Could not resist putting a little polymer clay egg into this perfect burr acorn cap with its feathery edges.
I used up the last of my orbicular granite cane on this egg which has a lot more space between the circular formations. I have totally enjoyed thinking about the amazing rock formations from which the idea for these polymer clay covered chicken eggs was initiated.
While making a couple of marble eggs i googled “granite” and “images” and was so taken by a particular kind of granite (orbicular granite) with its gorgeous round geode like places that i decide while i am making “faux rock” eggs with egg shells and polymer clay i would try to create one that might look like orbicular granite. I think this egg (which i have just sanded to a smooth finish but not glossed) is really fun. If you want to see some awesome real orbicular granite, google it. There are not that many places in the world where such granite is found.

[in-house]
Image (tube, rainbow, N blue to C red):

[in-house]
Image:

Another egg made with polymer clay and ground brown pine needles. This one has the same ingredients as previous post but also the gold polymer clay (which is kind of brassy-gold) but it contrasts nicely with the translucent and granite clay. This was made with scraps from the previous egg, and just like life, I like the grab-bag egg better than the one i planned.
This is a polymer clay egg: a base layer of translucent, and then a cane made with translucent filled with brown pine needles chopped up, granite grey polymer clay and black polymer clay filled with brown pine needles (these were from my cousins property…made as a keepsake about him). The pine needles can be seen, and the colors are like the mountains that contain lava nearby.
I googled granite, thinking i might find a match, instead was totally blown away by pictures of orbicular granite. Now that is some natural geometry, absolutely breathtaking in rhythm and repetition.